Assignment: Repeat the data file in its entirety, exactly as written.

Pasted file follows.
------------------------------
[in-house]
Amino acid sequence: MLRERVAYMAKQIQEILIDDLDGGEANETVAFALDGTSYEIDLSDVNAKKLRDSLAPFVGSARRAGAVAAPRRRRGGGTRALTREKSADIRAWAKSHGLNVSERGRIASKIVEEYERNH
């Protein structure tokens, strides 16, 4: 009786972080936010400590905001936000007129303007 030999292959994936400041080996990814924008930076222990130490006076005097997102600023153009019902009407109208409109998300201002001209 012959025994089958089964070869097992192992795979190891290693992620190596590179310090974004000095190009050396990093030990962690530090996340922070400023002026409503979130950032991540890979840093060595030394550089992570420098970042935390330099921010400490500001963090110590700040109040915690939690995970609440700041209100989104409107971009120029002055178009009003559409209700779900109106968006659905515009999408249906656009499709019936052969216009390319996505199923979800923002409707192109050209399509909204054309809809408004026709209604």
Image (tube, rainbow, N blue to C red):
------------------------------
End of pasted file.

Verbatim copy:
[in-house]
Amino acid sequence: MLRERVAYMAKQIQEILIDDLDGGEANETVAFALDGTSYEIDLSDVNAKKLRDSLAPFVGSARRAGAVAAPRRRRGGGTRALTREKSADIRAWAKSHGLNVSERGRIASKIVEEYERNH
């Protein structure tokens, strides 16, 4: 009786972080936010400590905001936000007129303007 030999292959994936400041080996990814924008930076222990130490006076005097997102600023153009019902009407109208409109998300201002001209 012959025994089958089964070869097992192992795979190891290693992620190596590179310090974004000095190009050396990093030990962690530090996340922070400023002026409503979130950032991540890979840093060595030394550089992570420098970042935390330099921010400490500001963090110590700040109040915690939690995970609440700041209100989104409107971009120029002055178009009003559409209700779900109106968006659905515009999408249906656009499709019936052969216009390319996505199923979800923002409707192109050209399509909204054309809809408004026709209604």
Image (tube, rainbow, N blue to C red):